The Astros and free agent outfielder Colby Rasmus have agreed on a one-year, $8 million deal for the 2015 season.
The signing comes just one day after Houston traded center fielder Dexter Fowler to the Chicago Cubs in exchange for infielder Luis Valbuena and pitcher Dan Straily.
Rasmus, 28, a career center fielder, would seemingly be Fowler’s replacement up the middle; allowing the club to keep burgeoning superstar George Springer in right field and sending former top prospect Jake Marisnick to the bench or back to the minors.
The move furthers the idea that the Astros are looking to be competitive, if not heavily-flawed, in 2015.
Rasmus is the latest addition to a lineup that will likely lead the league in home runs and could potentially set records for team strikeouts.
Last season, Rasmus hit 18 home runs while striking out 124 times in just 346 at-bats.
Here’s a quick look at the list of free-swinging mashers already on Houston’s roster and their HR/K numbers from 2014:
Needless to say, this team will be equal parts exciting and frustrating to watch in 2015.
In addition to big power and big strikeouts, Rasmus also brings an almost enigmatic quality to Houston.
Throughout his career he has posted two fantastic seasons in 2010 when he posted an .859 OPS, a 132 OPS+, and 3.6 WAR as a 22-year-old and in 2013 he put up an .840 OPS, 127 OPS+, and 4.6 WAR as a 26-year-old.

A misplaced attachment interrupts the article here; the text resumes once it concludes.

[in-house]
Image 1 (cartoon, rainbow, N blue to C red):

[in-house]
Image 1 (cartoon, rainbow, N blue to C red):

Surrounding those two seasons, however, is a lot of mediocrity and unfulfilled promise from a former first round draft pick. Consequently, it seems prudent to mention that he was drafted in St. Louis when current Astros general manager Jeff Lunhow was the Cardinals scouting director.
Lunhow and the Astros are clearly banking on a big bounce-back season for Rasmus.
It may be a tall order as we’re talking about a six-year veteran who has a career .246/.313/.438 batting line in more than 3,000 plate appearances and nearly 800 games at the big league level.
Rasmus probably isn’t as bad as he was last year, but he’s also not as good as he was in 2010 or 2013. The real Rasmus lies somewhere in between and is rapidly becoming a borderline everyday player.
Most defensive metrics agree that he looks stretched in center field and may be destined for a corner outfield slot moving forward.
It’s looking more and more likely that, at just 28-years-old, Rasmus may be at a crossroads in his career.
He’ll join the Astros and their island of misfit toys – seemingly the one place in baseball where his strikeouts won’t be a problem – and by season’s end, we’ll witness one of two outcomes.
He will have re-established his value in time to cash-in on the open market as a slugging center fielder or he’ll once again find himself a free agent deep into the depths of January, potentially searching for jobs as a fourth outfielder.